An ordinary work-at-home day for me. Took a break to check personal email and spotted this in the home account:
For the rest of the day I could not reach Tony. I could not even tell if he had seen the message. The hours dragged on and eventually he came home. Anna Grace knew something was up when Tony and I huddled in the office with the doors closed (he hadn’t seen the message!), but we waited (im)patiently for Jack to arrive home from baseball practice, and while gathered around the dinner table posed the question to the children,
The three months that passed between deciding to move to Europe and actually boarding the plane passed in such an unbelievable blur that I am glad I recorded most of it. Our favorite phrase since moving here, when experiencing something new or novel, has been “A year ago we didn’t know we would be…” Last night, over a very American “celebratory” dinner of burgers on the grill, we took stock of the “what we didn’t know we would be doing,” especially the differences in school life for the children. We had traveled to Europe several times, but the only house and routine the children had known was in DC.
For Anna Grace, it’s been a year of long-desired freedom and independence. While the zip code of our US home often ranks among the nation’s wealthiest and most-educated, and we have a top-ranked school system and practically non-existent crime, it’s a little short on common sense in some regards. Middle school students are not permitted to walk to or from school, because they may have to cross a busy 25 mph street that has lights and crosswalks, and this was deemed unsafe. Here, she, and, even elementary students not only cross busy streets, but board trams and buses to get to and from school (and sometimes even hail a taxi). One night she and I were conversing about this very topic.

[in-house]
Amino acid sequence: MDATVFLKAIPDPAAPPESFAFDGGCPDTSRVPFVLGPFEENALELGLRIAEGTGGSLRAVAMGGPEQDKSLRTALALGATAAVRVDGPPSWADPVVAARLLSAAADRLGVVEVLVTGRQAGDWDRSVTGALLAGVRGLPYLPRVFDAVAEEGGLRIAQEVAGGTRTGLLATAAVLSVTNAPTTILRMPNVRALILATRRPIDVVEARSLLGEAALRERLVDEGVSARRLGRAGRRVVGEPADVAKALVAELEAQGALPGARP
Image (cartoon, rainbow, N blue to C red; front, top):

“Here I know my way home on public, and I know to tell the taxi driver, ‘(House Address), bitte,’ and when I get home you’ll pay.”
I probably just gave the administrators of our US middle school heart palpitations with that comment.
For Jack, social media means that he is never far away from the friends he’s known since elementary school. They commiserate about their IB workloads and draft their online fantasy baseball teams seamlessly. New friends have been embraced by the social network of a 21st century teenager, as well. All is good.
We also talked about our travels over the last year. As a family, we’ve accumulated 25,900 kilometers across five countries (Poland, Austria, Slovakia, Italy, and Czech Republic.) This includes our flights to Vienna.
Tony has traveled the most independently, for work. 44,300 kilometers across two continents and five countries. (South Korea, Malaysia, Netherlands, Bulgaria, and France).
Jack earns the #2 position, logging 27,600 kilometers across two continents and six countries (Austria, Hungary, Germany, Great Britain, and the US).
Anna Grace and I round out the bottom. She has logged 3,300 kilometers across three countries mostly for sports tournaments (Austria, Hungary, and Germany); and I, just 3,900 kilometers across France and Bulgaria for fun. While we’ll probably not top the boys in kilometers traveled, though, we hope to make some gains on the mom-daughter road trip we have hatched for the summer, stretching from here to Spain and crossing ten countries.
The grand total, approximately 105,000 kilometers, give or take a few. That’s about 2.5 times around the earth and almost one-third of the way to the moon. And travels to Dubai, Bonn, Basel, Zurich, Paris, Frankfurt, and of course Munich and Budapest are in the spring queue. We may reach the moon by the end of the year.
Clayton Theodore, for those wondering, has traveled 1,800 kilometers, not counting his flight to Vienna. Most recently, he wandered Italy with us. And, because we take pride in being the definitive source of information on just how dog-friendly the places we travel are…